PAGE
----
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The Life Of Eugene O'neill. Loosely Based Off Long Day's Journey Into Night.

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  • November 29, 2011
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After reading the play "Long Day's Journey into Night" I began to question it. What am I reading? What is this play about? Who is Eugene O'Neill? After researching his life, as well as the historic and artistic contexts of this play, many of my questions were answered. Eugene O'Neill was one of the main playwrights who brought modern realism into America. I will try my hardest not to insert my own personal beliefs and or biases on this subject. But to kick this essay off, I will start with the biography of Mr. Eugene O'Neill.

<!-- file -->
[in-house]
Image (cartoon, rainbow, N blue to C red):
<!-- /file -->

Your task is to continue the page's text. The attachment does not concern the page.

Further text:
Eugene Gladstone O'Neill was officially born in New York City, twelve years after his parents James and Ella were wed. He was born on the date of October 16, 1888, in the Barrett House; which was a hotel right off of Broadway. So Eugene was a true "show business" person.(Stephen A. Black) The two main characters in "Long Day's Journey into Night" were indeed named, James Tyrone, and Mary Tyrone, who in which were the parents of Edmund and Jamie Tyrone. Eugene O'Neill used his family as the main source for his plot of this play. O'Neill used his father James O'Neill as inspiration for character in LDJ. His mother had been born with the name of Mary Ellen Quinlan, who later married and took the last name of O'Neill. Her family had always called her Ella, and instead of using Ella for the name of "Mary" in the play he decided not to, for reasons that will be later discussed. Basically O'Neill wanted to create a play that involved his entire "dysfunctional" if you will family, and show how his life was during this time. The other two characters in LDJ were also very important to the story. Edmund was based off of Eugene O'Neill himself, who was the third born child after Jamie, and Edmund. Instead of using his own name for himself, he used his brother's name Edmund, who died as an infant of the measles. Instead, Eugene used his name for his lost infant brother. He did this because using his own personal name seemed to be to "antagonizing" for...